People have their own connotations about public speaking. Perhaps, these initial thoughts are what keeps you from developing into the best version of yourself. This shouldn’t be the case. Here at Speech Ionizers, we believe that everyone has the potential to be a great public speaker, and the first step into making this a reality is to clear out all negative thoughts about it as much as possible.
Misconception #1: Good public speakers are born
While it is true that some people are indeed just born with the gift of public speaking, it doesn’t mean that you can’t develop it on your own. Public speaking is just like any other skill that can be learned through continuous practice. There are many great programs that offer speech lessons, not to mention speech coaches who are readily available to guide aspirants. Do you think that Barack Obama, Martin Luther King, Steve Jobs, and other famous speakers were already good the moment they first set their feet on the stage? Perhaps they also started where you are in now — fearful of standing in front of many people, fearful of making a mistake, and fearful of being ineffective. (Read: Fear No More: How to Overcome Your Fear of Public Speaking)
Misconception #2: Public speaking is all about delivery
Again, while it is true that there is power in great delivery, that is not just what solely characterises a good speech. It should also be noted that a good speech can become a great speech if it has insightful content. When we listen to speakers, let’s say a presidential candidate, we don’t just listen to how they say things, but more importantly, on what they say. Content plays a huge part in making a speech interesting, engaging, and effective.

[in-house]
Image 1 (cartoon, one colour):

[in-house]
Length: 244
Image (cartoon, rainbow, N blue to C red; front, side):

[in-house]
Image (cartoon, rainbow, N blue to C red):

Misconception #3: “I can just read my speech” mindset
Speeches are supposed to be a two-way form of communication. If you are just going to be reading your talk, you might as well just send an email of your presentation to every member of the audience and have them read it at their own convenience. When you read speeches, you kill off any chance of interaction with the audience. It should be a dynamic moment, because it’s necessary to engage your audience to become effective.
Misconception #4: There is nothing you can do about a boring topic
It’s like saying that the topic is hopeless and there is nothing you can do about it. Wrong! As the speaker, it is your job to develop a seemingly uninteresting topic into something that people can find life in. There are many ways you can do that. It’s just about finding the best one that fits your topic and identity as a speaker.
Misconception #5: Memorising the speech can be a great way to survive it
There’s nothing wrong about memorising a speech unless you forget a part of it and you get stuck at that moment trying to remember what it is. Speeches are supposed to be dynamic in nature. When you memorise your speech and you have to give it several times to different audiences, you take away the opportunity to personalise it based on your audience. The best thing to do is familiarise yourself with the outline and use it as key points when giving speeches.
Misconception #6: I have to cover all of my points
You made those points for the full effectivity of your speech. One point supports the other. However, you may not be given the same amount of time for every speaking engagement. In cases like this, you would have to adjust your speech—give fewer points., tell a shorter story. Do whatever it takes to fit your speech, but never, ever rush!
Misconception #7 I have to know all the answers to every question thrown at me
First of all, we are not all-knowing, and second, we can never fully anticipate what kind of questions the audience would ask. If you do not know the answer, it’s completely okay. One way you can solve this is by saying that you don’t know the answer, but you would love to get back to them about it.
These are just a few of the many misconceptions about public speaking. Remember, don’t let them get the most out of you. It will surely surprise you on how easier your life will be when you debunk them and take the first step towards becoming a good public speaker.